The Covid-19 virus has affected supply chains and operations, globally disrupting key sectors such as healthcare, education, oil and gas, travel, tourism & hospitality, and financial services. The multitude of changes stemming from the ongoing pandemic include fast-tracked digitalization, a shift toward low-contact/no-contact systems and an increased focus on environmental, sustainability and governance issues.

While governments and organizations have been swift in adopting measures to cope with the macroeconomic implications of the disease, the pandemic has brought about profound changes in the professional and personal spheres, often disproportionately affecting women. For example, school and nursery closures have increased pressure on caregivers—typically female family members. Women also often bear the burden of caring for their household and educating children, leading some to refer to the current scenario as a “crisis of women” or a “Shecession”.1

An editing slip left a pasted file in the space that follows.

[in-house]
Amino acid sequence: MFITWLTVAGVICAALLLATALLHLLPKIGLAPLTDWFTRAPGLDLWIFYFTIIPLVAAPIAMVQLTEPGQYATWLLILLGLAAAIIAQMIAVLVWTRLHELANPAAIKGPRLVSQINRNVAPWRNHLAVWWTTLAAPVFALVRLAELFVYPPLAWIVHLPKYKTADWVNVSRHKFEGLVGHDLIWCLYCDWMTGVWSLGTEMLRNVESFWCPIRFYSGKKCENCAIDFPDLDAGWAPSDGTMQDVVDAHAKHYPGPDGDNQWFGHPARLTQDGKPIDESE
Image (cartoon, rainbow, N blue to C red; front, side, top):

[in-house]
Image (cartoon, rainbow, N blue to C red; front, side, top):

Contrary to the opinion of many analysts, this year’s survey has found female leaders are less pessimistic about Covid19’s impact on business and women. In fact, some female leaders around the globe believe the crisis may create new opportunities as a result of improved digital communication, other advances in technology and changes in stakeholder expectations.

This is the third edition of the UAE Female Leaders Outlook. Within these pages, we examine economic and business outlooks, risks and opportunities, as well as career and gender diversity factors. We note differences with global findings and compare results from last year’s edition of our UAE report.

Our goal is to provide a better understanding of female leaders, their mid-term outlook, views on technology and innovation and what it means to be a woman in the workplace. 

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